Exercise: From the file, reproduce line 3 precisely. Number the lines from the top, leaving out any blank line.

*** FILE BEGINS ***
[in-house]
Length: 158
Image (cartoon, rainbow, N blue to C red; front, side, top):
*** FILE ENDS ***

Image (cartoon, rainbow, N blue to C red; front, side, top):